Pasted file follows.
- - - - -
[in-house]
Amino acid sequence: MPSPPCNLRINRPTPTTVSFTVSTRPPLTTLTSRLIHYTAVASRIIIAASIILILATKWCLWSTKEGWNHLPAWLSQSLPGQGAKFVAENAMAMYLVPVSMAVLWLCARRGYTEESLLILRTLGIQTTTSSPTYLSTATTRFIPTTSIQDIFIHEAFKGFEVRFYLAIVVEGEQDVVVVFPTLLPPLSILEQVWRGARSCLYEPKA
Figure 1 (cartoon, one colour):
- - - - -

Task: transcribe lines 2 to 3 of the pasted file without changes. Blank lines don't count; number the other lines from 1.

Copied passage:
Amino acid sequence: MPSPPCNLRINRPTPTTVSFTVSTRPPLTTLTSRLIHYTAVASRIIIAASIILILATKWCLWSTKEGWNHLPAWLSQSLPGQGAKFVAENAMAMYLVPVSMAVLWLCARRGYTEESLLILRTLGIQTTTSSPTYLSTATTRFIPTTSIQDIFIHEAFKGFEVRFYLAIVVEGEQDVVVVFPTLLPPLSILEQVWRGARSCLYEPKA
Figure 1 (cartoon, one colour):